Can the ISP see what you're doing on the web with OPENVPN?



  • I have the OpenVPN server setup at home and I have all my laptops and desktop connected via OpenVPN. Can the ISP see what I'm doing since I'm on the server that connect to the ISP?
    thanks



  • He can't read the traffic beetwenn OpenVPN client and server. However, if you go to internet through VPN, the ISP who provides the network, your OpenVPN server is connected to, can.

    OpenVPN is an encrypted point to point connection between client and server. This line is save, but when you go to the internet through VPN, the traffic goes to the server where it is decrypted and from there to WAN without additional encryption.


  • Banned

    Dont expect anything to be safe. Look who created TOR. And ask yourself that question again…


  • Rebel Alliance Global Moderator

    "I have the OpenVPN server setup at home and I have all my laptops and desktop connected via OpenVPN"

    So your openvpn server is at home, and your desktops and laptops are where?  Home?  What would that have to do with internet and your isp seeing traffic?



  • If your OpenVPN Server is connected to you ISP, over an encrypted tunnel, and then no one is able to
    see from outside, what you are doing, but the ISP is giving you an IP address, and then he can be surely
    logging all things running over this IP address!


  • Netgate

    @Supermule:

    Dont expect anything to be safe. Look who created TOR. And ask yourself that question again…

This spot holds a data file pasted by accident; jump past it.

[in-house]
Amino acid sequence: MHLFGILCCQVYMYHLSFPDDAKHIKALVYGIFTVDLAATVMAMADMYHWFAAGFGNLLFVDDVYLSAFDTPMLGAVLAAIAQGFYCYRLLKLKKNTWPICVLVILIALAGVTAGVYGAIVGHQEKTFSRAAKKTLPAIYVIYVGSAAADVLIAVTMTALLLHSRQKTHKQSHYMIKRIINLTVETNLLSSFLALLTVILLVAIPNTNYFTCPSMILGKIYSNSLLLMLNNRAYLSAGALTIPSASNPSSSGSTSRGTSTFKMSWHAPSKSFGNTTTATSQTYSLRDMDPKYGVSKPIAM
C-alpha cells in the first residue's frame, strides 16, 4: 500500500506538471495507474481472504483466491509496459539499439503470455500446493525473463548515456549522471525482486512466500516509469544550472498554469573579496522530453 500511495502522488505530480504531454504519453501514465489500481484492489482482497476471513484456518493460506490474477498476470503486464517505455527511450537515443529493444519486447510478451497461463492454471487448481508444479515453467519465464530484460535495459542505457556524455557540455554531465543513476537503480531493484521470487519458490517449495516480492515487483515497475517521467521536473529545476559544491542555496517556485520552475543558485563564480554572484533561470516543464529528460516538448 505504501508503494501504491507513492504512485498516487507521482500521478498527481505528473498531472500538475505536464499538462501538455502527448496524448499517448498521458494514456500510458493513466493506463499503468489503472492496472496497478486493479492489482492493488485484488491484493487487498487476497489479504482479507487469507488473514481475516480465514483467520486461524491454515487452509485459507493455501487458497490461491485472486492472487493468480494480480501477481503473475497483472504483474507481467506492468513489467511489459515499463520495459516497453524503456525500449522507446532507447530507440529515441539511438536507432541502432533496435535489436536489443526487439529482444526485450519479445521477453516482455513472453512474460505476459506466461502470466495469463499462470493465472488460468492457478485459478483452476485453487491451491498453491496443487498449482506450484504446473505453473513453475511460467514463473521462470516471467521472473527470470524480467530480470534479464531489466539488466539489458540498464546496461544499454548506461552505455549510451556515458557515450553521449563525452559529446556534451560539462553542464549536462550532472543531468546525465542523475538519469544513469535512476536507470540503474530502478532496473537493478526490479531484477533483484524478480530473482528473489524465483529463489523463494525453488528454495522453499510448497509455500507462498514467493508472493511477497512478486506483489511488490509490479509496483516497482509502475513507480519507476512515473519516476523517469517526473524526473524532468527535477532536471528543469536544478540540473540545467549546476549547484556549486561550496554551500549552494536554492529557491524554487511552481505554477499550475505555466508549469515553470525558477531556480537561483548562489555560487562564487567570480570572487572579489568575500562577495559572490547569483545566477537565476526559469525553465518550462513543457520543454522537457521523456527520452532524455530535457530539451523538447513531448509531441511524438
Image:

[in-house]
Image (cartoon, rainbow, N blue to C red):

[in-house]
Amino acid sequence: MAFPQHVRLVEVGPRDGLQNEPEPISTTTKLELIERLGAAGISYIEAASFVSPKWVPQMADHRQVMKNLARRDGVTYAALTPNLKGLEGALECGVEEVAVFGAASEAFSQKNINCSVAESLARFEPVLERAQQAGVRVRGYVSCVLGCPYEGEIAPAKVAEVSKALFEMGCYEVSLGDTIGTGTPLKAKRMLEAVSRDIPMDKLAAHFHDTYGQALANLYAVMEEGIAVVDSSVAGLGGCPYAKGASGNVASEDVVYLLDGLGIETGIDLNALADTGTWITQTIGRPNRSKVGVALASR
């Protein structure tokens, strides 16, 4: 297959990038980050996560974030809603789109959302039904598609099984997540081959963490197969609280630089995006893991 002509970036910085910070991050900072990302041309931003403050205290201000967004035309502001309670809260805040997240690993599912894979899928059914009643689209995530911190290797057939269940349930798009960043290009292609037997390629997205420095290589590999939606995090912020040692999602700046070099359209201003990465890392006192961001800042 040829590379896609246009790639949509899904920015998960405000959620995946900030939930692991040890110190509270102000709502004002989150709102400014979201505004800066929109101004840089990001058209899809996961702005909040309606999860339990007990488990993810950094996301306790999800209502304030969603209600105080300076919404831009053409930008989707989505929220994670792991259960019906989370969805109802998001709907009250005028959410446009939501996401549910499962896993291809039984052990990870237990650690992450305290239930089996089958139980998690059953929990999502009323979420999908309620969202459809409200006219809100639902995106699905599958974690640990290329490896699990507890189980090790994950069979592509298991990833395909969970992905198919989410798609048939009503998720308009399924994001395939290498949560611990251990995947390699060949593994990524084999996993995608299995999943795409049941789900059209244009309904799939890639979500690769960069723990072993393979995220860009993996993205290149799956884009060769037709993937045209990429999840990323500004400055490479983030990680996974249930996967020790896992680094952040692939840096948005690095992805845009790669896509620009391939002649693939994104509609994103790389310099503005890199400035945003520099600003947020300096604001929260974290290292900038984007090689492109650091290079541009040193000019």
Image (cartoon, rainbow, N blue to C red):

Since people may not understand the reference that Brian is making here:

    Quoting wikipedia:

    The Tor Project, Inc is a Massachusetts-based 501©(3) research-education nonprofit organization founded by computer scientists Roger Dingledine, Nick Mathewson and five others.

    Onion routing was developed in the mid-1990s at the U.S. Naval Research Laboratory by employees Paul Syverson, Michael Reed, and David Goldschlag to protect U.S. intelligence communications online. It was further developed by the Defense Advanced Research Projects Agency (DARPA) and patented by the Navy in 1998.

    The actual network that people refer to as Tor belongs to the people who furnish the nodes used by it.

    Tor was not invented to provide anonymity against a well-funded aggressor, such as the US Government.  It was created to enable dissidents in areas governed by relatively unsophisticated entities to be able to securely communicate between themselves and to the outside world.  Measured against it's original goal, Tor is a success.  But the script kiddies decided that they had found a better VPN, and the ability to spend money (such that some large percentage of Tor nodes is under the control of a single entity) trumps the architecture of Tor.

    Tor is safe enough if you're a journalist in a third-world country.  It was never intended as a defensive measure against the likes of the NSA / CIA / ...